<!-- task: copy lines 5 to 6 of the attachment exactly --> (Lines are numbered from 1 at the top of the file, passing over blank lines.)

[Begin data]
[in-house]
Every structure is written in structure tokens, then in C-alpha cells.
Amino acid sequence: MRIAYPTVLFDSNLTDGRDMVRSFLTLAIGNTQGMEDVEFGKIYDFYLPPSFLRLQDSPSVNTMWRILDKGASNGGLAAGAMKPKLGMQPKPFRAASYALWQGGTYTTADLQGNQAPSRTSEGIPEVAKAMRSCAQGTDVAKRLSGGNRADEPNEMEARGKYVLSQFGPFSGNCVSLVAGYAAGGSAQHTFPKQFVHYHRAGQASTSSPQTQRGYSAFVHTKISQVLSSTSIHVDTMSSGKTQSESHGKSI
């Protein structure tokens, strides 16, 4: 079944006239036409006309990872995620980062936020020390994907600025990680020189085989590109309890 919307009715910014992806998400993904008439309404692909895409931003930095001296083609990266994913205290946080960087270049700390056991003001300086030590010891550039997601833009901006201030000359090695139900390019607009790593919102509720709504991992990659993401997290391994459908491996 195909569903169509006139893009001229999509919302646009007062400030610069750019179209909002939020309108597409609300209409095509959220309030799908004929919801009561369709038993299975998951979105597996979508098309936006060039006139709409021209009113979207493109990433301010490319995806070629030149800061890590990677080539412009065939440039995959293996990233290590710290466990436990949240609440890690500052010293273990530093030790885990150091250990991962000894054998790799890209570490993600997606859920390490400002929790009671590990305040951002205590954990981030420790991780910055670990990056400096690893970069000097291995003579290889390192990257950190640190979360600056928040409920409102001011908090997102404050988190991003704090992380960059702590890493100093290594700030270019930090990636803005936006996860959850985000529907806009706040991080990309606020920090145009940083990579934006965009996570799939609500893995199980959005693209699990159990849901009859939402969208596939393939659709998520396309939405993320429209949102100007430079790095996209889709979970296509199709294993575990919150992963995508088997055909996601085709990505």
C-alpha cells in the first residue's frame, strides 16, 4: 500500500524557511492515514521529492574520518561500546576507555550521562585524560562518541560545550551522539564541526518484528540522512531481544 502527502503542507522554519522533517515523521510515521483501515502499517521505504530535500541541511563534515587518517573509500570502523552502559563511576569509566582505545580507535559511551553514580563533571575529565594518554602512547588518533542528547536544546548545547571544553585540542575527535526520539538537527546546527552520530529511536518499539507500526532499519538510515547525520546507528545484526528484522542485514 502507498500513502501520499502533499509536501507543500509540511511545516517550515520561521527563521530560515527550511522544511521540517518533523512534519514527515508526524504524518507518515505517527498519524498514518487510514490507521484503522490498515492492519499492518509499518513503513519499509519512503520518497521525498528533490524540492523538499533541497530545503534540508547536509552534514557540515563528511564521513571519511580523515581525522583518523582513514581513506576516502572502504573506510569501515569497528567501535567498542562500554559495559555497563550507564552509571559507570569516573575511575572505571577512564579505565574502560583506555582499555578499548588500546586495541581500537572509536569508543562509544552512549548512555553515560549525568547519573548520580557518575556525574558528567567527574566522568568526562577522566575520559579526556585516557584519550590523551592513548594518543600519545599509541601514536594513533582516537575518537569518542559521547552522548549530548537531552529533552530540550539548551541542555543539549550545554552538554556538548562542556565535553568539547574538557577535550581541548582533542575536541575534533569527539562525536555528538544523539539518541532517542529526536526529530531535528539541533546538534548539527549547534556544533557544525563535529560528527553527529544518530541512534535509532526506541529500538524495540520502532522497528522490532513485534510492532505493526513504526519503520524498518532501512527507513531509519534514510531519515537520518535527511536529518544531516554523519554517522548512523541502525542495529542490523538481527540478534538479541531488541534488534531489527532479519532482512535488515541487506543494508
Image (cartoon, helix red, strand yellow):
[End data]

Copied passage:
C-alpha cells in the first residue's frame, strides 16, 4: 500500500524557511492515514521529492574520518561500546576507555550521562585524560562518541560545550551522539564541526518484528540522512531481544 502527502503542507522554519522533517515523521510515521483501515502499517521505504530535500541541511563534515587518517573509500570502523552502559563511576569509566582505545580507535559511551553514580563533571575529565594518554602512547588518533542528547536544546548545547571544553585540542575527535526520539538537527546546527552520530529511536518499539507500526532499519538510515547525520546507528545484526528484522542485514 502507498500513502501520499502533499509536501507543500509540511511545516517550515520561521527563521530560515527550511522544511521540517518533523512534519514527515508526524504524518507518515505517527498519524498514518487510514490507521484503522490498515492492519499492518509499518513503513519499509519512503520518497521525498528533490524540492523538499533541497530545503534540508547536509552534514557540515563528511564521513571519511580523515581525522583518523582513514581513506576516502572502504573506510569501515569497528567501535567498542562500554559495559555497563550507564552509571559507570569516573575511575572505571577512564579505565574502560583506555582499555578499548588500546586495541581500537572509536569508543562509544552512549548512555553515560549525568547519573548520580557518575556525574558528567567527574566522568568526562577522566575520559579526556585516557584519550590523551592513548594518543600519545599509541601514536594513533582516537575518537569518542559521547552522548549530548537531552529533552530540550539548551541542555543539549550545554552538554556538548562542556565535553568539547574538557577535550581541548582533542575536541575534533569527539562525536555528538544523539539518541532517542529526536526529530531535528539541533546538534548539527549547534556544533557544525563535529560528527553527529544518530541512534535509532526506541529500538524495540520502532522497528522490532513485534510492532505493526513504526519503520524498518532501512527507513531509519534514510531519515537520518535527511536529518544531516554523519554517522548512523541502525542495529542490523538481527540478534538479541531488541534488534531489527532479519532482512535488515541487506543494508
Image (cartoon, helix red, strand yellow):